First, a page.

alanine aminotransferase or aspartate aminotransferase serum levels (Analysis 3.8).

anide, between the nitazoxanide group (13%) versus the placebo
or no intervention group (43%) on the risk in failure of virological
end-of-treatment response using the fixed-effect model and the
random-effects model (fixed-effect model: RR 0.36; 95% CI 0.17
to 0.76; I2 = 0%, P value 0.008). Testing for subgroup differences
did show a statistical significant difference (P value 0.03) (Analysis
4.7).
We planed to perform subgroup analyses on the number of participants who showed no improvement in alanine aminotransferase
or aspartate aminotransferase serum levels, stratifying the trials according to the dose of nitazoxanide administered, but we could
not do this because all the trials that provided information on this
outcome had used the standard dose of nitazoxanide. However,
subgroup analysis did not show any significant difference between
the nitazoxanide group (54%) and the placebo or no intervention
group (49%) (fixed-effect model: RR 1.09; 95% CI 0.84 to 1.42;
I2 = 0%, P = 0.50) (Analysis 4.8).

Nitazoxanide dose comparison
Six out of the seven trials included administered the standard dose
of nitazoxanide (500 mg twice daily) to participants (Rossignol
2008a; Rossignol 2009a; Shiffman 2009/2011; Bacon 2010; Basu
2012a; Shehab 2012). Two trials used higher daily doses of nitazoxanide (Basu 2012a; Keeffe 2009a).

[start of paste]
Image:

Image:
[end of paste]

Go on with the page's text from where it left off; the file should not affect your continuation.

We planed to perform a subgroup meta-analyses for adverse events,
stratifying trials according to standard dose versus experimentaldose of nitazoxanide, but we could not do so because all trials that
provided information about adverse events had used the standard
dose of nitazoxanide, which for this subgroup did not show any
significant difference between the nitazoxanide group (21%) versus placebo or no intervention group (20%) (fixed-effect model:
RR 1.10; 95% CI 0.71 to 1.71; I2 = 65%, P value 0.68) (Analysis
4.4).
Subgroup analyses of trials that administered the standard dose of
nitazoxanide revealed no statistically significant difference in the
effect of nitazoxanide (60%) versus placebo or no intervention
(65%) for failure of sustained virological response using both the
fixed-effect model and random-effects models (fixed-effect model:
RR 0.87; 95% CI 0.76 to 1.00; I2 = 0%, P value 0.05). Metaanalysis of trials that administered experimental doses of nitazoxanide also failed to show any significant difference between nitazoxanide (24%) versus placebo or no intervention (45%) (fixedeffect model: RR 0.57; 95% CI 0.31 to 1.04; I2 = 0%, P value
0.07%). Testing for subgroup difference revealed no statistical significant difference (P value 0.17) (Analysis 4.6).
Subgroup analyses of trials that administered the standard dose of
nitazoxanide revealed no statistically significant difference in effect
of nitazoxanide (49%) versus placebo or no intervention (53%)
on failure of virological end-of-treatment response using both the
fixed-effect model and random-effects model (fixed-effect model:
RR 0.85; 95% CI 0.72 to 1.00; I2 = 0%, P value 0.06). However,
the meta-analysis of trials that administered the experimental-dose
of nitazoxanide did show a significant effect, favouring nitazox-

Abandoned subgroup analyses
We could not perform subgroup analyses in which the included
trials were to be stratified according to risk of bias, different regimens of nitazoxanide in combination with any other intervention
fo